Google Photos Wants to Sync and Store All Your Photos on All Your Devices
Google hopes unlimited storage and a simpler workflow will make their new Photos platform a winner
I use and like a lot of Google products every single day. I’m typing this post into Google docs right now and Gmail is throwing new message alerts at me all the time. But, they’re photo offerings have been kind of all over the place for a while, spread out between Google+ and the outdated Picasa service. Now, they’re trying to remedy all of that with a centralized photo product called Google Photos.
Ultimately, Google Photos is a platform that’s meant to sync, store, and organize all of your photos across all of your devices. That’s a promise we’ve been hearing a lot lately from big names like Adobe with their Creative Cloud service, and the upstart Mylio.
Google Photos offers dedicated mobile apps for iOS and Android, as well as a Chrome-based version for the web. The app automatically sucks up the images from your phone and stores them in Google Drive. You can also upload high-res photos from your camera via the web and it will keep 16-megapixel versions that don’t count against your Google Drive storage cap.
It doesn’t do raw files like Amazon’s free Prime storage account, but 16 MB files are pretty large and will likely upload much faster than true raw files, which is a hindrance with the Amazon solution.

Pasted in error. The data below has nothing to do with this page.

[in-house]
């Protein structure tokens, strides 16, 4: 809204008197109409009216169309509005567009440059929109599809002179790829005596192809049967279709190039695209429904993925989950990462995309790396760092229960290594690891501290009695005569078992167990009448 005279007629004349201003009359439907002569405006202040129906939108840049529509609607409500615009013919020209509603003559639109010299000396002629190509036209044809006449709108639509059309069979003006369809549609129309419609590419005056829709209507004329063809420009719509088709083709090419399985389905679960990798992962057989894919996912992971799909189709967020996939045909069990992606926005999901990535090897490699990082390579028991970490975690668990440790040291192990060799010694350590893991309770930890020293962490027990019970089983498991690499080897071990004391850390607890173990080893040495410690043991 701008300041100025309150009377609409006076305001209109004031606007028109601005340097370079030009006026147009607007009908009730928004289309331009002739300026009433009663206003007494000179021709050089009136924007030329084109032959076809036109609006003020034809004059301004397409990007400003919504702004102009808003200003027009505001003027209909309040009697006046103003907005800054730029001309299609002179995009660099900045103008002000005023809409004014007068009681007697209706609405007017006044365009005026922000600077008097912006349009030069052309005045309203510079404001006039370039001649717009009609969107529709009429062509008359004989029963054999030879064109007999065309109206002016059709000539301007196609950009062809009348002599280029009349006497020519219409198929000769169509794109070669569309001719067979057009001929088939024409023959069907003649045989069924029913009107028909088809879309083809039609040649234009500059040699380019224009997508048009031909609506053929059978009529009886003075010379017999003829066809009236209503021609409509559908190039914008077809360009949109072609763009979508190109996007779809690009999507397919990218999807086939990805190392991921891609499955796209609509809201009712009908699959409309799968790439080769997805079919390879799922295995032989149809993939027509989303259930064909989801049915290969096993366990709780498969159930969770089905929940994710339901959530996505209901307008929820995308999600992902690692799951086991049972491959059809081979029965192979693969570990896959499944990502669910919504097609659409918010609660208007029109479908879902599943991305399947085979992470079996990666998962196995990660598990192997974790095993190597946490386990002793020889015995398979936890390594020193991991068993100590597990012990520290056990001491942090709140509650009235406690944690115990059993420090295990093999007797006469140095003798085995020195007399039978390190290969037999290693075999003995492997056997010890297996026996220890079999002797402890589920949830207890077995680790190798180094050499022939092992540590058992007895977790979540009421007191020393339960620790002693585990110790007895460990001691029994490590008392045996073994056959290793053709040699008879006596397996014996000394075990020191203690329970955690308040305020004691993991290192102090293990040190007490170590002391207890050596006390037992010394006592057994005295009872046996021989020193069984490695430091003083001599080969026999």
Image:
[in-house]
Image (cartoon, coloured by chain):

Google photos also make sharing your galleries simpler than it was before, even allowing for interesting features like instantly downloading full galleries. Sharing was one of the real tricky bits about Google’s photo offerings before, so it’s nice to see this streamlined.
Some of the enhancement features have made their way over from Google+. For instance, the software is able to recognize sequences and series of images, and it will sometimes make them into a .gif or a collage if that’s something you desire. You can, however, turn that feature off. It can also recognize people and other important aspects of the photos and try to organize them accordingly.
Google Photos should be rolling out now, so I’m very interested in giving it a try. But, there are so many different services competing for the same space at this point, it’s getting hard to navigate the landscape. So many of my photos are stored in so many different apps and clouds that it’s getting tricky to keep track of. It will be interesting to see if a mega power like Google can use its influence to draw in a majority of users.